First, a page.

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International Journal of Antennas and Propagation
Volume 2017, Article ID 6803019, 9 pages
Research Article

Dual-Band RFID Antenna for 0.92 GHz Near-Field and 2.45 GHz Far-Field Applications

School of Electronics and Information, Northwestern Polytechnical University, Xi’an 710072, China

Correspondence should be addressed to Zijian Xing; moc.621@4002naijizgnix

Received 28 March 2017; Revised 26 April 2017; Accepted 1 June 2017; Published 10 July 2017

Academic Editor: Jaume Anguera

Copyright © 2017 Zijian Xing et al. This is an open access article distributed under the Creative Commons Attribution License, which permits unrestricted use, distribution, and reproduction in any medium, provided the original work is properly cited.


A novel antenna used in the near field of a 0.92 GHz and the far field of a 2.45 GHz RFID reader system is investigated. The new antenna achieves strong magnetic field distribution over 0.92 GHz with good performance of detecting tags when applied in FCC RFID systems, as well as a good performance of circular polarization at 2.45 GHz. Furthermore, the investigation shows the operation principle by circuit models and the advantages of the structure in terms of the operation frequency and field performances. The advantages of these two bands could be achieved by this novel RFID reader antenna.

1. Introduction

Radio frequency identification (RFID), which was developed around World War II, is a technology that provides wireless identification and tracking capability [1, 2]. Reader antennas are an important unit of RFID systems. Reader antennas can be classified into two classes by reading range for different application purposes: near-field (NF) antenna and far-field (FF) antenna. Operation frequencies of reader antennas include 125 KHz, 13.56 MHz, 433.92 MHz, UHF (ultrahigh frequency) 0.92 GHz, 2.45 GHz, and 5.8 GHz. Currently, 0.92 GHz and 2.45 GHz are more attractive because of their good performances of data speed and antienvironment jam ability [36].

Ultrahigh frequency (UHF) near-field RFID technology received a lot of attention due to its good performances in item-level RFID applications such as sensitive products tracking, pharmaceutical logistics, transport and medical products (blood, medicines, and vaccines), and biosensing applications [713]. The primary concern of UHF near-field RFID is to make the RFID system working in a short distance as reliable as that of the LF/HF near-field RFID. Inductive coupling systems are preferred in most applications of near-field UHF RFID, because most of the reactive energy is stored in the magnetic field. Magnetic coupling is stable in terms of the impact of liquid or metal. In contrast, capacitive coupling is the opposite because the energy is severely affected by high permittivity materials.

In the 2.45 GHz band, far-field circularly polarized RFID antennas receive more attention because of the high data speed and long identification distance. Because of these interrogation characters, energy transmission speed and efficiency are very important and have been studied a lot recently [1418]. In far-field RFID systems, the RFID tags are always located in large range applications and the tags are normally single or dual linearly polarized (LP), and thus circularly polarized (CP) reader antennas are suitable for ensuring the stability of communications between readers and tags. Moreover, under most practical circumstances, other requirements for the reader antenna should be under consideration, such as structure sizes, acceptable gains, impedance bandwidths, multibands, and axial ratio (AR) bandwidths.

As advantages of these two standards, it is essential to integrate these two standards into one system. In this situation, a reader antenna covering 0.92 GHz near field and 2.45 GHz far field is a good design, which avoids using two single-band antennas. One challenge in RFID applications is to design such an antenna because the operation mode and frequency differences between 2.45 GHz far field and 0.92 GHz near field are too large to operate properly for dual-band structures [46]. Even though many dual-band RFID reader antennas are proposed, there are very few antennas that could fulfill this design goal. Most of the dual-band antennas are applied for far-field operation mode whereas most of the dual mode antennas are operated at the same frequency [1921]. In [21], the dual-band 0.92/2.45 GHz unidirectional CP antenna is presented employing multiloops and a complex power splitter, but the operation modes of these two frequencies are all far field. In [22], the antenna can be operated in both near-field and far-field modes at a UHF band. However, these two operation modes share the same frequency, so that the total power is split into two components and then the efficiency of each mode will be decreased. There are also some papers that focus on the study of dual-band antennas [23, 24].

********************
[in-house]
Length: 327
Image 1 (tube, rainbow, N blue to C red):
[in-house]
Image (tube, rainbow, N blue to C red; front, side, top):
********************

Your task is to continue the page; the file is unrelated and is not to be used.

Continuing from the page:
In this paper, a compact 0.92 GHz near-field and 2.45 GHz far-field dual-band antenna is proposed to generate strong magnetic field and circularly polarized wave, respectively. The two operation modes of the antenna are operated at different frequencies; the two modes work at different frequencies, so the efficiency of the two modes is high. But in [22], the two modes of operation work at the same frequency, so the energy is divided and the efficiency is reduced. The difficulty of this design is whether the feed network can establish high isolation between the two operation modes. Finally, the designing goal is achieved by the proposed antenna which is also investigated in detail. The methodology to complete impedance matching is addressed with the theory analysis. The structure, theory, and the performances of the antenna are analyzed in detail as follows.

This paper is organized as follows. Structure and modeling of the antenna will be introduced in Section 2. In Section 3, analysis and discussions are carried out to investigate the operation principle of the antenna and impedance matching theory. In Section 4, the performances of the antenna will be studied and analyzed. In the last part, conclusion will be given.

2. Modeling and Structure

The structure of the antenna is shown in Figure 1(a), which is composed of four layers which are FR4 layer 1, composite PTFE layer 2 and layer 3, and composite dielectric board layer 4. From the top layer to the bottom layer, these four layers are marked by numbers which are 1, 2, 3, and 4 in Figure 1(b). Layer 1 is mainly composed of two half-rectangle loops which have two folded straight terminals. Layer 2 and layer 3 are strip line feed network with lead printed onto the interface of the two, respectively. Fed at the edge of the bottom layer, 50-ohm strip transmission line is connected with one circularly polarized antenna and then split into two branches. The two branches are connected to two metal columns in another end. The other end of each column is connected to one metal half-rectangle loop strip. There is one load on each half-rectangle loop in Figure 1(a). Layer 1 and layer 2 are connected by two metal columns. A rectangle single feed circularly polarized antenna (layer 4) is fed by the main strip line and connected to layer 3. The material of the circularly polarized antenna part is composite dielectric with low loss tangent.